At Cairo’s Riyadh al Mun station the warm night air is fragrant with diesel particulates. An unruly pack of snorting buses jockey for position. Brakes gasp, lights flash, drivers shout abuse, horns blare. “All these buses are shit,” announces a distracted Egyptian minding a bemused Japanese woman. “This company had so many crashes its license was revoked. Now at least they have two drivers. Anyway, why should I worry?” he adds incredulously. “This girl is going diving in Dahab, and she can’t even swim.”
Since a Russian passenger aircraft was bombed in 2015, the UK Government has banned flights to Sinai. The Foreign and Commonwealth Office currently advises against overland travel anywhere in the Sinai Peninsula.
My ticket is for Dahab too – a 350-mile overnight journey. Climbing aboard, the risk of sleep appears slim thanks to the driver’s questionable video playlist on repeat. Yasmine, a young Egyptian whose hair is braided with coloured thread, sits next to me. “I’m going to see friends, to party, to be free,” she announces. She hunkers down in her seat, checks social media, wraps a scarf around her head, cuddles a well-loved Winnie the Pooh, and dozes off. After 10 hours, a surfeit of tea stops, two army baggage inspections and more passport checks than I can remember, we arrive in Dahab.
The remote Bedouin fishing village became more widely known during the Israeli occupation of Sinai following the Six Day War of 1967. Israelis fell for the water here, rich in corals and marine fauna, and sites such as the 110m Blue Hole – “the world’s most dangerous dive” – drew divers from across the globe. In 1982, Sinai was returned to Egypt. Dahab’s laid-back, relaxed vibe endured.
Walking south along the beach, the wind blows strong and steady. A kite surfer skitters along the water’s surface, chasing trails through white-topped waves. Across the Gulf of Aqaba, 15 miles wide, Saudi Arabia’s Hijaz mountains are picked out in ochre against a brilliant blue sky.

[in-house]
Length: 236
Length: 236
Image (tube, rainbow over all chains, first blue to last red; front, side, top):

Further down the sand, the Friday market is setting up. A mix of races, languages and religions come together in a colourful crowd. New Agers, entrepreneurs and eccentrics patronise the stalls and preside over them. Connie, a fifty-something German woman wearing a hijab, is doing swift trade in fruit cakes. “Dahab’s getting by,” she says. “There’s a few Europeans, not many. Egyptians come for a while, but their prices are low, and they leave a lot of rubbish.” Her apple and blueberry pie is excellent.
At a stall selling honey cakes I speak to Mina. “If flights restart, it will take a while, but it will be booming. There’s a new generation that hasn’t experienced these areas,” he says. “In 10 years Dahab will be like Sharm El Sheikh.” Mina’s fellow stallholder looks askance.
“No it won’t,” she says emphatically.
“Well, anyway the decision on flights is political,” says Mina.
Beyond the market, the beachfront is lined with cafes, restaurants, guesthouses and a few modest hotels. Some establishments ready for an unlikely evening rush. Some are closed. Some have been empty for years.
The wind drops as the shore path turns the corner. At the “Lighthouse” – the heart of Dahab’s diving industry – pros and first-timers pull on wetsuits and check their tanks and regulators. “The Israelis started coming back a year ago,” says one dive shop owner, who didn’t want to give his name. “This place is never going to be Sharm El Sheikh, though they’re trying. But the beach here is Bedouin ownership – there are perhaps 150 different titles. They’ll never agree.”
Later, away from the beach, on unpaved streets populated by goats and chickens, I am invited to tea by a Bedouin family. “I learnt English selling bracelets on the beach,” says Aidah, a forthright thirty-something. Her family made money from letting apartments, she says. We sit on carpets around a small charcoal brazier. Tea is poured into glasses and passed around. Aidah’s father stops examining a little bundle of Omani frankincense, takes a glass of tea and lights a cigarette. “Dahab is like many places, beautiful from the outside,” she continues. “But when you live here you see how it really is, you see many difficulties.” She pauses. “There are two cultures, Bedouin and Egyptian, and they are completely different.”
Lonely Planet still calls Dahab “the Middle East’s prime beach resort for independent travellers”. Following a revolution, a military coup and an airliner bombing, the superlative seems a poor fit. It’s true that Dahab remains a Bedouin town first and a resort second. Circumstances have certainly effected a pause in tourism development. How long this hiatus continues and precisely what the future holds are subjects of conjecture. However, change is coming. It’s “when”, not “if”.
Egypt Air flies from Heathrow to Cairo from £348. From there, you can take an internal flight to Sharm El Sheikh or take the bus (around £6).
The three-star Coral Coast Hotel has doubles from £42, B&B.
The writer flew to Cairo as a guest of the Egyptian State Tourist Board
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